We contend that the need for proactive and collaborative leadership around modern slavery by brands - supported by trade unions, NGOs and governments - is greater than ever. This think piece is part of a series that reflects on some of the ethical trade issues being discussed at ETI’s 20th anniversary conference on responsible supply chains (31 October and 1 November).
The statistics never fail to shock. According to ILO estimates, worldwide 40.3 million men, women and children are trapped in some form of slavery. Most are in Africa and Asia, although there are said to be hundreds of thousands, even in Europe, including up to 13,000 victims of modern slavery in the UK.
While slavery is almost universally outlawed, modern slavery remains widespread.
The global nature of complex supply chains made up of companies competing on prices, profitability and lead times increases the risk of workers being exploited, and in the worst cases, forced into modern slavery, including human trafficking and forced, compulsory or bonded labour.
Greater responsibility from business
Almost any business can be affected by slavery. A joint ETI and Hult Business School study in 2016 found that 77% of companies believe there is a likelihood of modern slavery occurring in their supply chains.
“The research revealed that some companies are becoming more honest about the risks of forced labour and are increasingly taking responsibility to address it,” says Cindy Berman, ETI’s Head of Modern Slavery Strategy.
But, Cindy Berman believes that most brands and retailers are still largely concerned about the risks to their reputation if modern slavery is found.
A new approach
Companies that are more ethical, increasingly recognise that tackling the abuse of workers in supply chains demands a fresh approach.
They are making public commitments to improve working conditions and we are beginning to see specific policies, actions and programmes designed to uncover and address what is really happening in complex supply chains, especially in the lowest tiers where visibility is low and workers are most vulnerable.
Rather than relying on auditing to uncover instances of modern slavery, progressive brands acknowledge the need for innovation and collaborative action. “Competitive tensions can be a barrier, but one company taking action is just a drop in the ocean,” says Cindy Berman.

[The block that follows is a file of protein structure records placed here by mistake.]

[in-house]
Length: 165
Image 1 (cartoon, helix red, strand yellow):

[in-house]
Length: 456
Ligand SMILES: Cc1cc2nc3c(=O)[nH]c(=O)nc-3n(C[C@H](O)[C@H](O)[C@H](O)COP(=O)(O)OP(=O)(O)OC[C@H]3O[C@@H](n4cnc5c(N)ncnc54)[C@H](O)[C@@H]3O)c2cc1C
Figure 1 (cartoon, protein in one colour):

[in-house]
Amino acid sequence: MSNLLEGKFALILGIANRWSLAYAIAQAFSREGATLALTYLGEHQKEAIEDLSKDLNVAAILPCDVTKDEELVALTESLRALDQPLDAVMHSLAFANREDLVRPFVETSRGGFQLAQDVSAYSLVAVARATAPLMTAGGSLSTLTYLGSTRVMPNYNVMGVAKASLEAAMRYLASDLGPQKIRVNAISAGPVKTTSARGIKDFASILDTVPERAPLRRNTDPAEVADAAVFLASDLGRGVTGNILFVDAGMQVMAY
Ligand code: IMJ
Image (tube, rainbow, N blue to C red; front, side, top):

According to the ETI/Hult research, 83% of ethical companies see their peers, including direct competitors, as key partners and a source of advice and support.
Arguably, the biggest contributing factor to labour exploitation is when workers are unable to collectively negotiate terms and conditions of work and lack the freedom to leave abusive employers. Where trade unions operate, the risk of modern slavery falls dramatically.
Senior management buy-in is critical
Stronger, more effectively enforced regulation helps to create a level playing field between companies, forcing laggards to up their game and to stop claiming a competitive advantage from modern slavery.
That’s why ETI and its members fought so hard to include and strengthen the Transparency in Supply Chains clause in the UK Modern Slavery Act 2015. Such legislation is starting to focus the minds of senior executives.
“Board and senior-level buy-in makes all the difference in ethical trade because it drives better policies and ways of operating,” adds Cindy Berman, arguing that companies with strong leadership on modern slavery tend to be more commercially successful because they have greater visibility, oversight and control over their operations.
As part of ETI’s 20th anniversary conference on responsible supply chains (31 October and 1 November) being run in conjunction with business risks solution provider Elevate, there will be a session on new frontiers and modern slavery. Led by campaigner Baroness Lola Young of the House of Lords and Jeroen Beirnaert of the International Trade Union Confederation, participants will hear from workers who have experienced exploitation in a session that will spotlight what works and what doesn’t among the many business and government initiatives designed to address modern slavery. It will inspire businesses to rethink their approach to prevention and mitigation.